The Latin term ‘quorum’ (pl.pronoun: ‘of whom’) has almost no connection to what the term means in Anglo-American law, namely: “the minimum number of members of an assembly that must be present to make the proceedings of that meeting valid.” Without digging too deeply into the Oxford English Dictionary, the term evolved from Norman circuit courts in late-medieval England as the scribes noted the names ‘of whom’ appeared as witnesses of and jurors at trials. The term has been appropriated by the social-networking/question-posing site Quora. The site has been around since 2010, but it has really taken off in the last few months, and we wanted to introduce you to it before whenever the next apocalypse is due.
Signing up for Quora will offer no surprises for anyone on any social network: provide name and email for confirmation, and you can sign-in/link-up Twitter and Facebook accounts as well. What the site is rather more of a stickler about than other sites is that you must sign up as a person, not an organization. Even a two-word organization is likely to be refused for not being a personal name, so you will be presented as yourself. That said, you certainly can include your title and organization in your profile, and if you link any of the other social networks, your (organization’s?) credentials will be part of your Quora presence.
The next step (and one, whose praises we have shared) is to pick five topics you wish to follow (you can add more but you must pick at least five to start). At first blush, no topic seems relevant to the nonprofit/charity community, but you then can pick some sub-categories, and these include many thought-leaders in the nonprofit/charity universe (see screenshot right of my first experience of my own account, which includes names like Deborah Askanase and JD Lasica, both of whose ideas we have drawn upon for this modest blog).
Rather like Pinterest, users can post questions to public boards of certain topics or respond to questions on those boards. You can also create a board as ‘Public’, ‘Private Content’ (people must be invited to see the threads), or ‘Private’ (the latter meaning neither the board nor the content is visible). Unlike Pinterest, your question moves up the board as it gets answered and commented upon. People can even vote on the answers.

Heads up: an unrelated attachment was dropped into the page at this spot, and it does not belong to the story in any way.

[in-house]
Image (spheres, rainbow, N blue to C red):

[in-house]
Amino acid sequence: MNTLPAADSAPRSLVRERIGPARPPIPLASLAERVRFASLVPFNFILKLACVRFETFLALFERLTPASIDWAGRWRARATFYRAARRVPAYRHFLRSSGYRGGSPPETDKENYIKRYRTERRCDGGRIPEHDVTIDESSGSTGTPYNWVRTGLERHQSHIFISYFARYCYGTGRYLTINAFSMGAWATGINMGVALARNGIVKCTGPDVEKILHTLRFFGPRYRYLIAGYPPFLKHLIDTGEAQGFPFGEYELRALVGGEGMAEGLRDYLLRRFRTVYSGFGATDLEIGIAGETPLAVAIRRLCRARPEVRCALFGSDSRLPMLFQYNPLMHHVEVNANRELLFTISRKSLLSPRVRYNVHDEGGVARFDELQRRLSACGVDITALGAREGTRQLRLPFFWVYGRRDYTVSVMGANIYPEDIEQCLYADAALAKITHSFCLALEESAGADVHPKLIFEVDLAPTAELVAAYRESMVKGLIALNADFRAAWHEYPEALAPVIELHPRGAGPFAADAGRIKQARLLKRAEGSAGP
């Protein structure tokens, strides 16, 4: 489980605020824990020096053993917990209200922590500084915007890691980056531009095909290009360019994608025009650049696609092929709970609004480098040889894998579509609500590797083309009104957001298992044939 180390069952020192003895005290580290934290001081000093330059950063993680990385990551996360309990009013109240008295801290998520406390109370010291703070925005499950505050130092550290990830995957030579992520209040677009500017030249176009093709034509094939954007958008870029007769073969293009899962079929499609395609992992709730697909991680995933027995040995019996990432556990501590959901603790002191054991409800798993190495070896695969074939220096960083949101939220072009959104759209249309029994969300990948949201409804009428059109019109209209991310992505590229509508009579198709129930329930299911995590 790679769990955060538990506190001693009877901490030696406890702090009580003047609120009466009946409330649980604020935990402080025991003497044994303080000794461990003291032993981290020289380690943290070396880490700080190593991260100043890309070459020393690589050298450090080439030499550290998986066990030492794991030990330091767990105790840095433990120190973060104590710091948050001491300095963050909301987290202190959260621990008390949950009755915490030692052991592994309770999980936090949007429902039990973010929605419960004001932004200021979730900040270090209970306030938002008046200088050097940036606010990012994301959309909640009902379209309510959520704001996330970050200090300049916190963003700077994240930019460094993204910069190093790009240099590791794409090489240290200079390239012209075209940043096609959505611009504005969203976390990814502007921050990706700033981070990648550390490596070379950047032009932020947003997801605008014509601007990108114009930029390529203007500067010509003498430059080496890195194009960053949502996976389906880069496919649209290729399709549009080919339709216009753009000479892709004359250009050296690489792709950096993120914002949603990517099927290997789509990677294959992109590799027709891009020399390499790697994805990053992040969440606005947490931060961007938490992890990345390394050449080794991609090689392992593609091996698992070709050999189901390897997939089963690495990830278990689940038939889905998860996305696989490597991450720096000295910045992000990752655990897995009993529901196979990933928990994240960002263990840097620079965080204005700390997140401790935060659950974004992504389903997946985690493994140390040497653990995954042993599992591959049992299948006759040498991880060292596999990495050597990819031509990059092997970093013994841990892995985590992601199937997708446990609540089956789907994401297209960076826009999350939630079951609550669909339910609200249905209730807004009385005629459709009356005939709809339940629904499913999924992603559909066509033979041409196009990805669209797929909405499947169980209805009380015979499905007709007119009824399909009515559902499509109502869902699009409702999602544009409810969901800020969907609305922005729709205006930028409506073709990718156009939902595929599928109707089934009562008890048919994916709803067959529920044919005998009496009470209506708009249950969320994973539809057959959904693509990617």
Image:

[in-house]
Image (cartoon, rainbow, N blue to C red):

The growth of Quora has been especially striking in the last 6-8 months, and the site’s staff has loads of investment cash on hand to expand its outreach and scope, as this infographic demonstrates:
Even politicians have been using it to carry out debates, so the perceived value of the platform is clearly going up. Take a few moments to explore the site and be prepared to offer your expertise as well as get help from peers who might have already wrestled with some questions you are trying to solve this holiday season. And Quora has its mobile apps so you can keep up with discussion while awaiting your holiday flight.
We at MKCREATIVEmedia wish to thank you for following our blog over this past year. Please accept our warmest wishes for a safe, healthy, and joyful holiday season! We look forward to continuing our work in 2013 and we hope you will continue to read our blog. We certainly appreciate the feedback we have gotten over the last few years! Merry Christmas, Happy Boxing Day, Happy Kwanza, and a Happy New Year!
| Category Advice, Civics, Community, Cross-Post, Education: General, How-to, iPad Apps, iPhone Apps, Mobile, Public Media, Resource, Reviews, Social Media, Social Networks, Software Review, Technology | | Comments Off on #SOCIALNETWORKS: Questions & Answers Can Be Shared On Quora
Written by: Marco Kathuria
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